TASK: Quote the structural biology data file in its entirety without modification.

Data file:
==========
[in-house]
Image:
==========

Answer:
[in-house]
Image: